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Compact fluorescent light bulbs may save energy but are they also endangering our health??
Sufferers of autoimmune diseases and skin conditions may be at risk of CFLs
While CFLs are supposed to be more energy efficient, there are concerns they could put the health of some people at risk.
According to Health Canada, those who suffer from certain autoimmune diseases and skin conditions may be affected by the ultraviolet radiation produced by these new bulbs.
Lupus is one such condition, as an attack can be triggered by ultraviolet light. “We’re actually talking about hundreds of thousands of people who may be affected by this,” says Dr. Jan McCaffrey, a Vancouver family physician and lupus patient.
However, Dr. Jan Dutz, a UBC dermatologist and lupus specialist, says the risk from CFLs is minimal. Still, he warns that “at close-range quarters, [if you] are using it as a study lamp with the exposure at the back of your hand or on the face, in very rare cases you may get enough UV light to elicit a reaction.”
Dr. Dutz says double-envelope shielded CFLs that emit much less UV light may help. “It would take about 1.5 years to get to that equivalent of 15 minutes in terms of exposure at a close range.”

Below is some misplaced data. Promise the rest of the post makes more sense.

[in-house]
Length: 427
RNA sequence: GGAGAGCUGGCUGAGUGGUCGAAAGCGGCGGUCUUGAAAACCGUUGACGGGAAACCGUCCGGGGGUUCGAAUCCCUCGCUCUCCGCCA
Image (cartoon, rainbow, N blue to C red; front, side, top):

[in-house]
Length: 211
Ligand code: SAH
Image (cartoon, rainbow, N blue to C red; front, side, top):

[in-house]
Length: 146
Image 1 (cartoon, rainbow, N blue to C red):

That’s why doctors and Health Canada recommend shielded bulbs for people with UV sensitivity. Shielded light bulbs are widely sold at larger hardware stores, but read the packaging carefully, as products vary depending on the manufacturer.
It’s important for everyone, even those without UV sensitivity, to be aware of CFL dangers. Health Canada recommends that when unshielded CFLs are used daily at 30 centimetres (which is at close range), exposure should be limited to no longer than three consecutive hours.
Another safety issue with CFLs is safe disposal and what to do if a CFL bulb breaks. CFLs contain mercury, which can transform into methylmercury, a neurotoxin. When a CFL breaks:
The U.S. Environmental Protection Agency advises airing out the room for several hours. When a CFL bulb breaks, 14 per cent of the mercury vapour is immediately released into the air.
Finally, keep spent bulbs with new ones, so when it comes time to buy more, you can return the old ones to the retailer for recycling. Don’t throw them into the garbage — if we all did that, we would create an environmental disaster.
Your Health with Dr. Rhonda Low airs weekdays during CTV News at Five and CTV News at Six.
Originally published in TV Week. For daily updates, subscribe to the free TV Week e-newsletter, or purchase a subscription to the weekly magazine.